Again, remember to give consumers the “option to have an option.” By giving people the option to opt-in, marketers will overcome the rising challenge of consumer consent. While marketing affiliates tend to focus on consumer centralization, it’s now time to focus more on creating better content during sales cycles, outlining consumer consent, and making the services understandable to the consumer.
Marketing professionals anticipate changes by providers
Two key changes will occur in 2022 that will impact e-mail marketing. One is the removal of the open rate in GA software. The second is that the cache will be removed. Both prevent challenges to marketing affiliates.
1. Overcoming the Removal of Open Rate
Not only are consumer expectations changing, but several large platforms are changing. In the industry, Apple and Google tend to lead the change, and their clout influences the industry so that their mandates tend to be the new standards within one to two years. Right now, a lot of changes will involve Google Analytics. Several features in GA, like tracking the open rate of subject lines in e-mail campaigns, will no longer be available. For those that rely upon the open rate to gauge the success of the campaign, then these organizations will have to find new means of monitoring their outreach.
Marketers will have to address this issue before the new changes by studying their data while it is available. They will need to review the amount of engagement and open mail to see at which point they lose the consumer. It will involve working backward and not letting a sales cycle dictate how they engage with their audience. Consumers typically disengage in the material and resolving this will involve CTA to address problems in the message, create more relevant and interesting content, and get art and design involved. With more engaging mailing campaigns, more conversions will happen.
2. How to handle marketing without cookies
Another major change will be once cookies and cache will be removed from many Internet platforms, just as many Apps are offering consumers the option to avoid tracking. Without the metrics from tracking, e-mail campaigns are going to become more click-centric and attempt to divert consumer attention to the buyer’s website. While clickbait content will surge, the goal will be to translate this into conversions.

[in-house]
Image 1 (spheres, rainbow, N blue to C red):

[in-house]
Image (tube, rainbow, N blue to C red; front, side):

Ironically, there will be an opening here for companies to innovate without as many tracking opportunities. The goal will be to get the consumer on the main sales website, but what will get them there? For many, clickbait is considered cheap and often leads to unfulfilling content on a website covered in advertisements that becomes quite difficult to navigate. In the absence of detailed tracking information, marketing can rise up and create beautiful and relevant newsletter campaigns. The campaigns should reflect the content of the original brand and address the fundamental queries of the user.
While clickbait campaigns will start showing up, more of these quality campaigns will arise that will more successfully divert traffic to the ultimate destination. Without tracking, users will want relevant content and this will bring in the best of marketing to match and meet their needs. When Google removes cache in January 2022, there will be more experimentation as marketing affiliates and the brands attempt to retain consumers and figure out that the way to do this is through e-mail campaigns.
Consumers will expect more tailored content and marketers will create segmented e-mail lists to meet niche markets. In summary, market affiliates will have the opportunity to turn prospects into clients without those clients feeling like a brand is untrustworthy, or violates their privacy.
Questions? Any other concerns on how the iOS 15 update and other changes that impact e-mail marketing?